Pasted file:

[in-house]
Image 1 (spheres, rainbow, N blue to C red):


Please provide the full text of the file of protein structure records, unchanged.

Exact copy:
[in-house]
Image 1 (spheres, rainbow, N blue to C red):